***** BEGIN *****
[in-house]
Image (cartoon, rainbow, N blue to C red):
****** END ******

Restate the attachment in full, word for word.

[in-house]
Image (cartoon, rainbow, N blue to C red):